There was a time when I enjoyed laying up wood for the winter fire. I would go into the woods to look for trees with signs of demise. Maples with dead limbs often were hollow, leaving a heavy shell of would-be human and, sometimes, field mice, comfort on dark frigid nights.

It was often said that cutting winter firewood warmed the woodsman twice – once as he cut, split and stacked, and once when he set the fire.

There also was a time when I did not enjoy the chore, when I was a lad with fishing and woods-wandering on my mind and my parents were seemingly dedicated to making my youthful personage miserable with assignments of work that needed to be done.

I have often wondered, when the trait no longer applied to me, why young people can be so helpful in other homes and so loath to assist at home. Thus I would clean Mrs. Crocker’s henhouse, churn her butter and cut her hay, but hate the thought of similar tasks awaiting my attention at home.

It was much later in life, my Navy career behind me when I found the willing ambition to, for instance, fell trees and drag them out of the woods, then to perform the other steps preparing them for their destiny.

Back then, we gave no thought to carbon sequestration or air pollution. Gasoline was about 25 cents a gallon, probably about the same portion of an hour’s wage as it is now. The family chariot got about 10-12 miles a gallon, but the supply seemed unlimited, so the only worry was paying Charlie Bates to do the annual carbon-and-valve job – cleaning the crust of unburned gasoline from the engine’s innards.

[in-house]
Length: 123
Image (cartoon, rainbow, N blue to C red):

Then came 1964. I was a junior in high school and visited the World’s Fair in New York City, where General Electric touted the wonders of the all-electric home. Electricity was plentiful, GE told us, and cheap and would run the washing machine and heat the home and free up lots of clean leisure time for the homeowner and his wife.

Electricity’s cleanliness was not something we worried about in 1964 – that concern came later. Even so, many generator plants have converted to natural gas, making them cleaner, but far from clean.

A standard complaint among folks who electrified their homes was that it ceased being cheap as soon as everyone’s home was wired. Create demand while controlling the supply and you can name your price.

The big commercial electricity generators are guaranteed a return on investment that is a percentage of the money they spend on maintenance and improvements. Thus they have no clear reason to hold costs down when their profits depend on spending as much as possible. Meanwhile, they use the Public Utilities Commission, which in theory must approve any utility rate increases, as a smokescreen to disguise those high-cost-equals-high-profit contracts.

It is like a wage earner being paid more to burn premium gasoline in a gas hog rather than profiting by driving a high-mileage car that runs on regular-grade fuel, thus increasing profits by holding costs down.

Placing solar panels on our roofs – especially the normally flat tops of schools and other industrial buildings – likely will not be the sole way to clean electricity but they will put to use all that otherwise wasted impervious surface. It also will decentralize our electrical grid, making more difficult the job of hackers who want to shut down our grid.

Axios reported Wednesday night: “Studies show current levels (of planet warming carbon dioxide) are higher than any time in as long as 4.5 million years.” We must make our world run cleaner.

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